"It makes a big difference when you know the people helping you really care about you and want you to get back on the field as quickly as possible. That was a huge part of my healing process."

    So was the motivation that pushed Lawrence back to the football field in the first place.

    Lawrence spent seven seasons in professional baseball with Toronto and Milwaukee, the last 4 1/2 at either the Triple-A level or in the major leagues. He spent a 55-game stint at the top level with the Blue Jays in 2002, playing second and third base and batting .180 in 150 at-bats with a pair of home runs.

    As much as he loved baseball, though, something kept gnawing at Lawrence as he continued his long climb up the baseball ladder.

    "It's kind of cliché, but I'm like most other kids who grew up in Louisiana," Lawrence said. "I grew up dreaming about playing football for the LSU Tigers."

    That chance was there in 1996 when Lawrence graduated from Barbe High School. Lawrence was a three-time Class 5A all-state pick for the Bucs as a receiver/defensive back and was named the state's Coca-Cola Player of the year in 1995.

    As good as Lawrence was on the football field, though, he might've been even better on the baseball diamond. He earned all-state four times as a shortstop and was the 1996 Mr. Baseball and Gatorade Player of the Year for Louisiana.

    When the Blue Jays made Lawrence the No. 16 overall pick in the 1996 major-league draft, he saw a financial opportunity that he couldn't pass up despite having signed a letter-of-intent to play baseball at LSU.

    "The timing was just too right; it was a dream I felt like I had to pursue when it came along," Lawrence said. "I always kept it in the back of my mind that I wanted to come back and play football here if I didn't run out of time."

    Lawrence's self-imposed deadline coincided with his retirement from baseball. Just before spring training in 2003, Atlanta and St. Louis both called to see if Lawrence was interested in coming to camp and battling for a job at the Triple-A level.

    He let those offers go by and instead shifted his focus to LSU.

    Hard as it might be to believe, Lawrence said he doesn't miss baseball that much. At least not the rigors of minor-league life.

    "I miss being with the guys in the clubhouse and the camaraderie but not the daily grind," he said. "Once in a while I'll see 'Field of Dreams' on TV and that will make me want to play catch with my dad. Those are the kind of things I want to do now."

    Along with chasing a football dream he put on hold nine years ago.
     
  2. islstl

    islstl Playoff committee is a group of great football men Staff Member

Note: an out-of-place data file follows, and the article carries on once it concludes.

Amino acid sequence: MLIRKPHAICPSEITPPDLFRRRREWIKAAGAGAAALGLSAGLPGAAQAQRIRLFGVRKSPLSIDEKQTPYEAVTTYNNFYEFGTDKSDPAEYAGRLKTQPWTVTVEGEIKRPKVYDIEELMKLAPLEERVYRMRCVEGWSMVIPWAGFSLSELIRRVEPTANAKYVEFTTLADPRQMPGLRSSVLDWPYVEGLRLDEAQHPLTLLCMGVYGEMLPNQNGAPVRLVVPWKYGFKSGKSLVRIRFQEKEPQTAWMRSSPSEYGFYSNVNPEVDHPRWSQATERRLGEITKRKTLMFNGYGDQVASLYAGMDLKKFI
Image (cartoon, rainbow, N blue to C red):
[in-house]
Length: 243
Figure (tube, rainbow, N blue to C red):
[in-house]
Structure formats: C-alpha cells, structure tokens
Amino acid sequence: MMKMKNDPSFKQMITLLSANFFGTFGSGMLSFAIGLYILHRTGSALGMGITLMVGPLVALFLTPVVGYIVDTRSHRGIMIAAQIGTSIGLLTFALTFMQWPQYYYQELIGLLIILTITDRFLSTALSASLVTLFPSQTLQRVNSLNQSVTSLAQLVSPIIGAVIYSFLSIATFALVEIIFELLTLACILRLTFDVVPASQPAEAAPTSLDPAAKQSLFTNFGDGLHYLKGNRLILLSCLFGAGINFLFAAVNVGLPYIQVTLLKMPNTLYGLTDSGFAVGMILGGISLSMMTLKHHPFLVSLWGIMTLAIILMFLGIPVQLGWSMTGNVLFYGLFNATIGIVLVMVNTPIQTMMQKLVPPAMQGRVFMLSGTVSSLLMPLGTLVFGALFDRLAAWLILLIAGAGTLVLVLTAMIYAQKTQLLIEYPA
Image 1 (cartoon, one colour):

Joined:
    Nov 25, 2003
    Messages:
    46,114
    Likes Received:
    9,697
    Sounds like LSU missed out on a great shortstop back in 96. And he missed out on a couple of NCs.
     
  3. Crip*TEAM KATT

    Crip*TEAM KATT As Wild As We Wanna Be

    Joined:
    Nov 24, 2003
    Messages:
    9,850
    Likes Received:
    463
    All I can say is.....

    WHOOOA
     
  4. islstl

    islstl Playoff committee is a group of great football men Staff Member

    Joined:
    Nov 25, 2003
    Messages:
    46,114
    Likes Received:
    9,697
    Well at age 27, if you haven't made it to the major leagues yet, you probably won't have much of a career. So I think it's smart he try something else.
     
  5. ramah

    ramah Founding Member

    Joined:
    Sep 13, 2001
    Messages:
    3,560
    Likes Received:
    0
    You didn't read the article ... the kid's been to the Majors already and made some good coin ... he retired and chose LSU this past spring over AAA baseball

    he's just following his FB dream ... I seem to remember another retired baseball player we had in here these past few years ... a QB :wink:
     
  6. ElvisFan

    ElvisFan Founding Member

    Joined:
    Aug 2, 2004
    Messages:
    132
    Likes Received:
    0
    I remember a couple of them...one was a loud-mouthed failure who bucked his coaches and holds the single season record for ints....the other one kept his mouth shut, di his job efficiently, and led LSU to an NC.
     
  7. Ellis Hugh

    Ellis Hugh Space Wrangler

    Joined:
    Aug 9, 2001
    Messages:
    2,107
    Likes Received:
    53
    Heart of a Tiger. :thumb:
     
  8. ramah

    ramah Founding Member

    Joined:
    Sep 13, 2001
    Messages:
    3,560
    Likes Received:
    0
    Latest news on Joe Lawrence

    PRACTICE NOTES: Redshirt freshman offensive guard Will Arnold returned to practice Wednesday after missing Tuesday's scrimmage with a concussion. Arnold played with the first-string offense. Saban said Arnold has had a very good camp and was disappointed he didn't get to see him in the scrimmage. . . . Joe Lawrence, a 27-year-old freshman who retired from professional baseball to join the Tigers, worked out with the wide receivers Tuesday. He had been working as a defensive back all spring and summer.
     
  9. Gandalf

    Gandalf Founding Member

    Joined:
    Jul 28, 2004
    Messages:
    209
    Likes Received:
    0
    Not that I'm complaining, but how is it that he gets to come play in the NCAA when Bloom over at Colorado doesn't? Bloom got paid for skiing, Joe got paid to play baseball. Does anyone know what distinction the NCAA is drawing between the two? Just curious.
     
  10. ElvisFan

    ElvisFan Founding Member

    Joined:
    Aug 2, 2004
    Messages:
    132
    Likes Received:
    0
    It has to do with endorsement money. Bloom was paid for endorsements, which financed his skiing career, whereas, Joe was a professional athlete in a different sport than the one he's participating in as an amateur. I know, it's ridiculous and it's splitting hairs...but there it is.
     

Share This Page